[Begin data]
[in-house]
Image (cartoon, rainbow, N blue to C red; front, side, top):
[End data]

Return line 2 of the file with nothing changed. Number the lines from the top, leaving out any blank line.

Image (cartoon, rainbow, N blue to C red; front, side, top):